A new model of the Sun’s solar cycle is producing unprecedentedly accurate predictions of irregularities within the Sun’s 11-year heartbeat. The model draws on dynamo effects in two layers of the Sun, one close to the surface and one deep within its convection zone. Predictions from the model suggest that solar activity will fall by 60 per cent during the 2030s to conditions last seen during the ‘mini ice age’ that began in 1645. Results will be presented today by Prof Valentina Zharkova at the National Astronomy Meeting in Llandudno.
It is 172 years since a scientist first spotted that the Sun’s activity varies over a cycle lasting around 10 to 12 years. But every cycle is a little different and none of the models of causes to date have fully explained fluctuations. Many solar physicists have put the cause of the solar cycle down to a dynamo caused by convecting fluid deep within the Sun. Now, Zharkova and her colleagues have found that adding a second dynamo, close to the surface, completes the picture with surprising accuracy.
“We found magnetic wave components appearing in pairs, originating in two different layers in the Sun’s interior. They both have a frequency of approximately 11 years, although this frequency is slightly different, and they are offset in time. Over the cycle, the waves fluctuate between the northern and southern hemispheres of the Sun. Combining both waves together and comparing to real data for the current solar cycle, we found that our predictions showed an accuracy of 97%,” said Zharkova.
Zharkova and her colleagues derived their model using a technique called ‘principal component analysis’ of the magnetic field observations from the Wilcox Solar Observatory in California. They examined three solar cycles-worth of magnetic field activity, covering the period from 1976-2008. In addition, they compared their predictions to average sunspot numbers, another strong marker of solar activity. All the predictions and observations were closely matched.
Looking ahead to the next solar cycles, the model predicts that the pair of waves become increasingly offset during Cycle 25, which peaks in 2022. During Cycle 26, which covers the decade from 2030-2040, the two waves will become exactly out of synch and this will cause a significant reduction in solar activity.
“In cycle 26, the two waves exactly mirror each other – peaking at the same time but in opposite hemispheres of the Sun. Their interaction will be disruptive, or they will nearly cancel each other. We predict that this will lead to the properties of a ‘Maunder minimum’,” said Zharkova. “Effectively, when the waves are approximately in phase, they can show strong interaction, or resonance, and we have strong solar activity. When they are out of phase, we have solar minimums. When there is full phase separation, we have the conditions last seen during the Maunder minimum, 370 years ago.”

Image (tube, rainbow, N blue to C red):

Images and captions
Montage of images of solar activity between August 1991 and September 2001 taken by the Yohkoh Soft X-ray Telecope, showing variation in solar activity during a sunspot cycle. Credit: Yohkoh/ISAS/Lockheed-Martin/NAOJ/U. Tokyo/NASA
Comparison of three images over four years apart illustrates how the level of solar activity has risen from near minimum to near maximum in the Sun's 11-years solar cycle. Credit: SOHO/ESA/NASA
Dr Robert Massey
Royal Astronomical Society
Mob: +44 (0)794 124 8035
Ms Anita Heward
Royal Astronomical Society
Mob: +44 (0)7756 034 243
Dr Sam Lindsay
Royal Astronomical Society
Mob: +44 (0)7957 566 861
Prof Valentina Zharkova
Department of Mathematics and Information Sciences
Notes for editors
The Royal Astronomical Society National Astronomy Meeting (NAM 2015) will take place at Venue Cymru in Llandudno, Wales, from 5-9 July. NAM 2015 will be held in conjunction with the annual meetings of the UK Solar Physics (UKSP) and Magnetosphere Ionosphere Solar-Terrestrial physics (MIST) groups. The conference is principally sponsored by the Royal Astronomical Society (RAS) and the Science and Technology Facilities Council (STFC). Follow the conference on Twitter
The Royal Astronomical Society (RAS), founded in 1820, encourages and promotes the study of astronomy, solar-system science, geophysics and closely related branches of science. The RAS organises scientific meetings, publishes international research and review journals, recognizes outstanding achievements by the award of medals and prizes, maintains an extensive library, supports education through grants and outreach activities and represents UK astronomy nationally and internationally. Its more than 3800 members (Fellows), a third based overseas, include scientific researchers in universities, observatories and laboratories as well as historians of astronomy and others. Follow the RAS on Twitter
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